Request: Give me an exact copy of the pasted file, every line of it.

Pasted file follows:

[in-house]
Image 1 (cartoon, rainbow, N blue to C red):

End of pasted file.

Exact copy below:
[in-house]
Image 1 (cartoon, rainbow, N blue to C red):